It’s not irrelevant. Your claim is that Matthew and Luke are suspect because they spuriously add new material that they, themselves, have made up in order to make the Gospels look good. If Q is not older than Mark, then your thesis has a problem – since Matthew and Luke will have been seen to have added old material. Your thesis, then, would at least have to attempt to explain the addition of old material; in fact, without such an explanation, your thesis fails, since its motivation is seen to have been false (the “let’s make stuff up” part). I’m not claiming Q is relevant for its content, but for its provenance and presence. :wink:

What of the fact that Luke has all the appearances in Jerusalem while Mark says Jesus will be going to Galilee (Mark 16:7) and Matthew has all the appearances in Galilee as well? That’s a deliberate replacement that cannot be reconciled. Mark’s Gospel ends with “They said nothing to anyone, because they were afraid.” So obviously there’s some rewriting going on here by Matthew and Luke as they saw that ending unfit.

The evangelists are telling a story to a particular audience. Matthew’s and Luke’s audiences are not Mark’s audience. We’ve already established that the Gospels aren’t ‘history’, per se (heck – ‘history’, as we’re used to seeing it written in the 21st century, didn’t even exist as a genre back then; ‘history’ was written differently!). They were writings meant for a group of the faithful. No one takes John to task for writing a Gospel that’s different than the Synoptics; why should we get worked up when one of the Synoptics looks a bit different than another Synoptic? Where’s it written that, since there are similarities, the accounts must necessarily be identical (or else be tossed out)?

[BIBLEDRB][/BIBLEDRB]Even if Q is “old material” that doesn’t prove that Matthew and Luke wrote before Mark. It does nothing to disprove Markan priority. The “sayings material” has nothing to do with the unique material that was added later and describes the bodily appearances in detail.

My point is that the difference in where the appearances happened is a discrepancy that cannot be reconciled and shows the sources to be unreliable. Where did the appearances happen? In Jerusalem or Galilee? Depends on what Gospel you read.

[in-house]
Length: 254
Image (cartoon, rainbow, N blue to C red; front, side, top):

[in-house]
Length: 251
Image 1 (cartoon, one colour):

What I find weird is that someone would just announce that Paul had or did not have a vision of Jesus, without referring to any materials about the actual definition of visions, apparitions, and actual presence, etc. Usually scholars of mysticism are much more cautious about the exact classification of Biblical experiences with angels, the saints at the Transfiguration, etc.

Heck, Paul himself says (at another point) that he didn’t know if he went to heaven in the body or just spiritually. And if the eyewitness experiencer doesn’t always know, how can we be so sure that we know?

What does seem certain with the Damascus road thing is that it’s more a case of “Jesus made Paul know him experientially” than that Paul saw or heard Jesus.

Obviously what Paul did after that was all Paul’s free will, but Paul surely didn’t want or choose to have any weird vision of Jesus telling Paul that the Church was Jesus’ body and Paul should lay off.

But Jesus after the Resurrection, and Jesus at the Transfiguration, were both cases of Jesus tooling around in a physical body that was better because more obviously unfallen, and better because making Christ’s divinity more obviously integrated with His humanity. But it was still His physical body, and it’s the same physical thing that our physical bodies will become at the Resurrection (assuming we have His life in us, and hence in our bodies).